ALICE McVEIGH

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E.F. Benson’s Mapp and Lucia

My book club recently rejected my suggestion of this mini-masterpiece – lol – which got me thinking about just how much I love it. Next to P.G. Wodehouse – who challenges Mark Twain in the humour stakes – Benson is my never-failing, go-to, feel-good author. Even Austen, famous for her upbeat, wedding-flooded endings, has far more angst than he…

This is historical fiction so feather-light that it resembles a tiny prawn cracker, the kind that almost instantly melts to nothing on your tongue. The humour is gentle, the satire has just enough wit to bite.

Edwardian society had its stratas, and Mapp and Lucia in Tilling (based on Rye) stand at the crest of theirs, vying for social supremacy, with first one and then the other edging ahead… Each forty-something lady has their supporters and their unbelievers, their miniature crises and their quite major embarrassments – but almost nobody dies, the approach of WWI is not so much as hinted at… no, it’s all comfortably middle-aged, upper middle-class, entirely middle-England characters, with their little foibles, jealousies and weaknesses affectionately portrayed.

 Lucia holds the entire series of books together (there is also Lucia in London, sans Mapp, and the delicious early Lucia novels, before the move to Tilling – in these she has operatic divas and Daisy as her foils, instead). Effortlessly snobbish but still delightful, she pretends to speak fluent Italian and believes herself a great deal more pianistically accomplished than she actually is. Her admirer, the asexual Georgie (they eventually marry) is just as winning, and the portraits of Diva, Major Benjy, Quaint Irene etc. are so splendiferous that one can’t help suspecting that, in Rye at least, they once existed.

Rye – here called Tilling – itself seems almost a character: a seaside town of pre-war innocence, if occasionally subject to (real) sea tempests.

This is escapism in its purest sense, and, if there’s no real drama, the writing itself is a delight. Benson’s prose is effortless – his pacing perfect – his dialogue as pitch perfect as Austen’s. There’s not a false note anywhere. This is escapism but – really – sometimes there’s nothing better. Sink into a Lucia book and you’ll find, an hour later, that you’ve somehow scoffed every tiny prawn cracker – and you upturn the book itself, hoping for more.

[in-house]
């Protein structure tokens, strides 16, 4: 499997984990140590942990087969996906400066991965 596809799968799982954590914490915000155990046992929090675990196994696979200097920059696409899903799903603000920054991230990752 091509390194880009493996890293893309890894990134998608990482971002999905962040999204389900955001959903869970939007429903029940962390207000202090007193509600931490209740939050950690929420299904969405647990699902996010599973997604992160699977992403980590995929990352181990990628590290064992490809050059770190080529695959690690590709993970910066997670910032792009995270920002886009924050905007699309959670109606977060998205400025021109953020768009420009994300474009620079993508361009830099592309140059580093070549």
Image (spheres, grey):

Devoney Looser’s Sister Novelists

This non-fiction tour-de-force is as pacey as a novel – never a dull moment. A mesmerizing and impressively well-researched work which makes Georgian England spring to life.
In fact, as I read it, I kept thinking what a fantastic TV series it would make…

Here we have the tale of two lovely, dramatic, and gifted young Regency sisters – though disconcertingly poor – triumphing, despite being mostly taken for granted by men, whether the men concerned were rivals, publishers, potential suitors or even their own brothers. Both Jane and Maria expended no little energy keeping their brothers out of debtor’s prisons, while otherwise dodging the advances of older men, being manipulated by publishers, breaking hearts – or, having their own hearts either sprained or else broken.
In other words, in Devoney Looser’s Sister Novelists we’re gifted with an utterly believable glimpse into what living in Georgian times might have felt like – at least, if literary – rubbing shoulders with Byron and Scott (and royalty) while simultaneously, sometimes desperately, trying to keep up appearances.

The sisters are equally fascinating. Jane is a powerhouse: passionate, resourceful and resilient, holding the family together even when Edmund Keen – no less – deliberately chooses to shipwreck the premiere of her first play at Drury Lane. Maria – almost as gifted and much more prolific – emerges as rather more vulnerable and romantic, capable of falling for a young Guardsman on sight and – oh! the scandal! – even conducting a clandestine correspondence with him.